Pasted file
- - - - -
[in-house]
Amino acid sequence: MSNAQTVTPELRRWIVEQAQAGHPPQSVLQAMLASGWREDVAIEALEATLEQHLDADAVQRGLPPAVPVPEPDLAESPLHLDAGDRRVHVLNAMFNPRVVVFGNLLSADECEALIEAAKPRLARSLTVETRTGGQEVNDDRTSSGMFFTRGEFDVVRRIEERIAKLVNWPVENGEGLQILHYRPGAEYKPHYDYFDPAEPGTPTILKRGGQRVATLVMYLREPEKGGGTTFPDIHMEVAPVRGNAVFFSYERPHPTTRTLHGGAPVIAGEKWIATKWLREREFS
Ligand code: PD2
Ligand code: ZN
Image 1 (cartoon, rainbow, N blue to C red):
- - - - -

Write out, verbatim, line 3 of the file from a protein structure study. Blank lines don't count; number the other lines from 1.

Ligand code: PD2